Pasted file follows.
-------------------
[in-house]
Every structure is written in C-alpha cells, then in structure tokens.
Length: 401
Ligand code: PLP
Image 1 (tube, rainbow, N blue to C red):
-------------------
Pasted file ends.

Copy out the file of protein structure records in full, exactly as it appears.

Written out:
[in-house]
Every structure is written in C-alpha cells, then in structure tokens.
Length: 401
Ligand code: PLP
Image 1 (tube, rainbow, N blue to C red):